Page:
Week of Oct 1 - 72 Hour Kits
Week of Oct 8 - Financial Planning
Week of Oct 15 - Soul Preparedness
Week of Oct 22- Food Storage (Bulk Foods)
Week of Oct 29 - Food Storage (Extras)

We have begun to revamp our 72 hour kits. Pictures, information and ideas are soon to follow!

Sunday, September 30, 2012

I'm Back!!

It has been awhile. But, I am here. I am alive and I have some stories to tell. It's been a year of adventure, heartache, frustration, disappointment, learning, growth, happiness, and excitement. I imagine that when my hair is white, deep wrinkles line my every feature, and the spring has left my step, I will look back upon this past year's experiences with deep gratitude in my heart for all that took place. However, at the time, this certainly was not the case!! Thankfully, we have a loving and merciful Heavenly Father with far
greater vision and knowledge of our needs and desires than exists within ourselves. It is humbling to realize how involved God is in the details of our lives. I am so grateful he brought us to Pocola, Oklahoma; home to two stop lights and a greater population of deer than people!

Subway Trumps All

Our trip to DC was pretty amazing. We visited monuments, took a step back in time at Mount Vernon, got to see the home of air force one, where the president goes golfing and get searched by the entrance guards at Andrew's. We learned about our family history, visited Gettysburg (which inspired the year's Halloween Costumes) and paid our respects at Arlington National Cemetery. But for the kids, nothing, absolutely NOTHING could compare to our the Subway.

Here is Naomi. She liked to hang onto the pole like the big people. She was so proud of herself.

If she wasn't holding onto the pole, she was looking out the window. Being above ground wasn't nearly as exciting as when we went underground though.

Noah did not like walking around the big city. He did not like riding in the wagon. He did not enjoy the monuments. He did like the Air and Space museum, but still not as much as the subway! I have to admit, I think we all enjoyed the cool air in the tunnels after spending the day in the sweltering heat.

This is my dad and my Uncle David. Uncle David was our tour guide extraordinaire. Without him we would've been lost in the maze of blue, yellow, and green subway lines. He also knows all kinds of cool facts and stories about history. When he retires from the air force, I think he ought to consider making professional tour guiding his new career!

Saturday, October 1, 2011

Our Adventures Back East: Washingtion D.C

We spent the first week of our trip in Washington DC. We stayed with Uncle David on Andrews Air Force base. During our week we:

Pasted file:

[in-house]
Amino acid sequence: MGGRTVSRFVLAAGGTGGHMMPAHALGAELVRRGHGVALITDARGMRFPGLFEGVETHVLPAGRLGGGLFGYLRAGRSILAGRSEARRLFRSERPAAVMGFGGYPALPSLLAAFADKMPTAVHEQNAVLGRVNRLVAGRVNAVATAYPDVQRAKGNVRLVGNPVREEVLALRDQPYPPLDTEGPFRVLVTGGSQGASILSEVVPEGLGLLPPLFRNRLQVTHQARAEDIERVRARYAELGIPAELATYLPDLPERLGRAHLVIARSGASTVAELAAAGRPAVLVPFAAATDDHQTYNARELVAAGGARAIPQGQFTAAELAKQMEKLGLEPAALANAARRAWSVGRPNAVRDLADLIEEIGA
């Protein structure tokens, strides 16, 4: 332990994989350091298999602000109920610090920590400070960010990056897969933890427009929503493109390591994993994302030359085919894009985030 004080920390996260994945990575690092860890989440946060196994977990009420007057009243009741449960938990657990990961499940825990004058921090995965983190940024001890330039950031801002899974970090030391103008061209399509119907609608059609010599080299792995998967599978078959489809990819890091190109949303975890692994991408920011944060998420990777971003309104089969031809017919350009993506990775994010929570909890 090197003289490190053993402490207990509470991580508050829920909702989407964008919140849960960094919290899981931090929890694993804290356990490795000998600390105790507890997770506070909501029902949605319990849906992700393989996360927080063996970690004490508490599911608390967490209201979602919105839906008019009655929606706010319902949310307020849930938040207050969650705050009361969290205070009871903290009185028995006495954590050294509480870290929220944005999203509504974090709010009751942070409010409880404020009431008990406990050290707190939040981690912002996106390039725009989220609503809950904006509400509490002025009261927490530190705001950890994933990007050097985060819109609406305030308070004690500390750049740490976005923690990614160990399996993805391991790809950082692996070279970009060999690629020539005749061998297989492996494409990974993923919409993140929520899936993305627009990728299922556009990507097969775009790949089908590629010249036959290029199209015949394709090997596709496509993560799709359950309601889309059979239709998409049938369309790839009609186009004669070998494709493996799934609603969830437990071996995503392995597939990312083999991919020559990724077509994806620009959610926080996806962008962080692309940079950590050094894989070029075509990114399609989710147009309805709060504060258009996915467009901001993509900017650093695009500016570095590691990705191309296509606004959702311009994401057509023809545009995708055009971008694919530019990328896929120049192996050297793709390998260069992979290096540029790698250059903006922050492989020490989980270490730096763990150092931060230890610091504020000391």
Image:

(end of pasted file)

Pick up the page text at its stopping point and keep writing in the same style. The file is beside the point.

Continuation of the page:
Spent some quality time snuggling with Grandma. Mom was very happy get her hands on Abram.

We played in the pool. We had BEAUTIFUL weather.

This is Uncle Isaac. Those muscles are real. Much to my dismay, I couldn't beat him in a wrestling match. I fought hard, but he took me down. Beat by my youngest brother...It was humiliating.

When we got tired of splashing, we migrated to the playground. You can't tell in this picture, but the kids were sitting on a rocket ship shaped toy that rocks back and forth. Noah is making his blast off- rocket ship noises in this picture.

Uncle David also took us on a VIP tour of the base. We got to see the President's golf course, where Air Force One is housed, some very cool fighter jets, and a hands on visit to their helicopter fleet. The pilots took time to explain how all the knobs and buttons work, and any other questions we had. This was not Noah's first time in a helicopter, but he still thought it was pretty awesome.

As did Uncle Eli.

And Pops too.

We also spent time touring DC. We started with a visit to Arlington National Cemetery and the Tomb of the Unnamed Soldier. We then walked across the Potomac toward the Mall.

Along the way, we took a few pictures with the Washington Monument. This is my mom and dad. 


This is me and Abram. Obviously, Abram's hat is on backwards.

We also took some pictures at the Lincoln Memorial. My picture with Honest Abe must have been taken with my parent's camera. So here's another picture of Pops.

Our perfect weather for the pool translated into one HOT walk across the mall. To cool down, we paid a visit to the WWII Memorial.

We all enjoyed the cool water. Especially Abram. Despite the heat, he was a very happy camper.

Noah, was not as thrilled to be sightseeing in the heat- Even with all the cold water he could drink while being pulled along in an awesome blue wagon.

We also spent some time in the Smithsonian at the Air and Space Museum. The kids loved it (the air conditioning was nice too). In fact, they loved it so much we went back the next day for another visit.


We also took a trip down to Mount Vernon. That is the home of George and Martha Washington. We toured their house (which has an incredible view of the river), the surrounding buildings, their graves, the museum and we even got to listen to a lady who was dressed up as Martha tell stories about George.

Last, but not least, we got to see Uncle Eli play his tuba in the Independence Day Parade. He spent the fourth of July marching behind Curious George in the HOT, hot sun. Apparently some kids from other marching bands were passing out from the heat- but thankfully Eli and his High School Band were able to survive without any causalities. We showed up early enough to get a good seat along the side of the road. Much cheering and clapping, and photo taking ensued when Eli walked by. Once he passed us by, we promptly packed our wagon, bid farewell to our curbside neighbors, and went back to base where we spent the rest of our Fourth of July...swimming.